The next most important thing in repairing the intestinal barrier and improving immune function is to avoid food sensitivities.  Each time you eat a food to which your body’s immune system reacts, it further breaks down the intestinal barrier and taxes the immune system.  This can increase the autoimmune attack on the thyroid gland.  There are a few different ways to find out if you are sensitive to a particular food.  The first is to have a blood test that measures a large number of different foods and the level of reaction your body is having to each one.  This is a fast and easy way to pinpoint what foods you should avoid while your intestinal barrier is healing.    This is an excellent measure of the integrity of the intestinal barrier and immune function.   The second way is to go on an elimination diet which is done by avoiding the most common food allergens which include:  dairy, gluten, soy, tomato, peanuts, corn and eggs.  This is done for three to six months while the intestinal barrier is healing.  The purpose of this diet is to remove immune stresses on the intestine so it can heal.  Each time you eat a food that your immune system is sensitive to, it stresses the intestinal barrier further breaking it down.  Testing usually consists of a blood sample taken and analyzed for a large number of food reactions.  Each food is graded on a scale indicating a mild, moderate or strong response.  The more food sensitivities that show up as well as the number of moderate-to-strong responses can indicate the integrity of the intestinal barrier.  As the foods are eliminated and the barrier heals, the immune system will no longer react to these foods as before.  Some foods need to be avoided indefinitely or on rotation even when the barrier is healed to prevent a relapse.

Alcohol, NSAIDS (non-steroidal anti-inflammatories) and aspirin should be avoided as they contribute to the breakdown of the intestinal barrier.  Constipation must also be eliminated which can be done with increased fiber intake, drinking half your bodyweight in ounces of water each day, doing a “vitamin C flush”, and taking probiotics (acidophilus, bifidobacter etc.), FOS, and magnesium.  If this doesn’t resolve the constipation, then there are other underlying causes that need to be evaluated.  Seven to nine hours of sleep each night should be a top priority when healing the gut lining.  This is when the majority of healing takes place, so do whatever you can to get adequate sleep.  Coffee, tea and soda must be eliminated or extremely restricted during this process as well.  The following supplements have been shown to repair and aid the intestinal barrier in healing:  L-glutamine, Zinc-carnosine, Vitamin A, Aloe Vera, MSM, Folate, DGL (licorice), Slippery Elm, Marshmallow Root, Quercetin, Prunus, N-Acetyl Glucosamine, Cat’s Claw, Okra, Mucin, and Chamomile.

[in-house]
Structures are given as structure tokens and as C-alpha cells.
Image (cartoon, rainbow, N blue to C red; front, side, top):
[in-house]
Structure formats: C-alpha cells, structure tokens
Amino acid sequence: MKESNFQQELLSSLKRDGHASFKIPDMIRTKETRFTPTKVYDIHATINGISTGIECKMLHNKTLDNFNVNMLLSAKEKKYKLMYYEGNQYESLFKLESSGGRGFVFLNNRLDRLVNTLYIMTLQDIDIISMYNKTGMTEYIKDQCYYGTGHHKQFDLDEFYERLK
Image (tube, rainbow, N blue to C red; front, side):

Diagnosis & Treatment

Many patients with symptoms of thyroid dysfunction are not properly tested for the causes of imbalance.  There are two antibodies that should be tested by blood:  thyroid peroxidase and anti-thyroglobulin antibodies.  These antibodies are elevated in 85-90 percent of chronic thyroiditis patients.  Thyroid peroxidase is the enzyme required for thyroid hormone synthesis and if these antibodies are positive, it indicates the body’s immune system is attacking this enzyme.  Thyroglobulin is a protein found in the thyroid gland and if these antibodies are positive, it indicates that the immune system is attacking this particular protein in the thyroid gland.  In either case, if one or both are elevated, then the diagnosis of autoimmune thyroiditis can be made.  In addition, ANA (anti-nuclear antibody) can be elevated in cases of Graves’ disease.

Thyroid nodules can occur in autoimmune thyroiditis due to inflammation and damaged thyroid tissue cells.  Nodules can appear in four to seven percent of the US population but have also been found in up to fifty percent of the population upon autopsy.  Thyroid nodules can be felt by a skilled physician.  If a nodule is found on physical examination, an ultrasound should be performed to provide more detailed diagnostic information.  Thyroid cancer can result from autoimmune thyroiditis and should be ruled out.

Conclusion

Many people ask the question if the thyroid can regain normal function once there is autoimmunity.  The answer is yes in a vast majority of cases.  If the attack on the thyroid has been too intense and prolonged, then the thyroid cells may simply be dead and cannot regenerate.  If however, the imbalances are found before this happens, the thyroid may achieve full recovery.  As with all patients, it is my main goal to find the underlying physiological imbalance through laboratory testing, correct the imbalances through nutrition, lifestyle and proper supplementation, and to teach each patient how to maintain a high level of health removing dependency on myself or any other physician.